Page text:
25 Jan 2012
A new exhibition, The Anatomy of Paradise will challenge romantic stereotypes of Pacific nations being tropical, carefree, utopias filled with meek, bronzed, island maidens.
A lively new Auckland exhibition, The Anatomy of Paradise will challenge romantic Western stereotypes of Pacific nations being tropical, carefree, utopias filled with meek, bronzed, island maidens.
Opening on 21 February at Artstation, Ponsonby The Anatomy of Paradise will feature emerging Pacific artists including photographer Tanu Gago, performance artists Nastashia Simeona and Kalisolaite ‘Uhila, multi-media artists Ahilapalapa Rands, Vaimaila Urale and Darcell Apelu. Artist talks and live performances on Saturday 25 February will feature in the exhibition programme which is supported by Tautai Contemporary Pacific Arts Trust.
Exhibition curator, 2011 co-host of TVNZ’s Tagata Pasifika, Angela Tiatia says, “we will use the body to express ideas of identity and examine what it means to have your identity interpreted by someone else”. Ms Tiatia explains, “the aim is to present identity as fluid, a mix of circumstances and a construct of the multiple worlds all of us live in”.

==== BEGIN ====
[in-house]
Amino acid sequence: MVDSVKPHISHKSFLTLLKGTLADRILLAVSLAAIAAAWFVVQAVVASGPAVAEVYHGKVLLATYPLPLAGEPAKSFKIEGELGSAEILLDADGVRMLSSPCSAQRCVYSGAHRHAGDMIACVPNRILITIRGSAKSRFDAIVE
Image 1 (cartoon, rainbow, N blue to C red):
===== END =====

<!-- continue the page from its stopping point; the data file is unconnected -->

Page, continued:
Inspired by a 1947 book which questioned the period’s artistic representation of the South Pacific, the exhibition will consider how the modern Pacific identity is shaped through spirituality, risk, community, health, fear, loss, sexuality, politics, technology and economics.
Coinciding with the Pasifika Festival 2012, the world’s largest Pacific event of its kind, Ms Tiatia sees an important opportunity to showcase emerging Pacific contemporary artists to a large, new audience.
“We need alternative voices and art forms among largely heritage arts displays. We want to expose audiences to new and emerging ideas of Pacific identities, to stir debate and a new way of seeing ourselves. This is a chance to reflect the modern Pacific community to itself, as well as other communities who share the same passion for understanding and the arts.”
The Anatomy of Paradise opens on Tuesday 21 February and runs until Saturday 10 March 2012.
For media inquiries please contact:
Angela Tiatia, exhibition curator
Sydney based until her arrival in Auckland, New Zealand 18 February - 22 February.
+0061 4000 66 555 (Sydney mobile - two hours behind New Zealand time)